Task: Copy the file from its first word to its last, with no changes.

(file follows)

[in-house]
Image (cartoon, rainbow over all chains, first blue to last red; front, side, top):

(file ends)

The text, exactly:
[in-house]
Image (cartoon, rainbow over all chains, first blue to last red; front, side, top):